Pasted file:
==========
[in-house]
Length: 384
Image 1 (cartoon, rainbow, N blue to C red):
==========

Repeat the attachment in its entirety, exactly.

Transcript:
[in-house]
Length: 384
Image 1 (cartoon, rainbow, N blue to C red):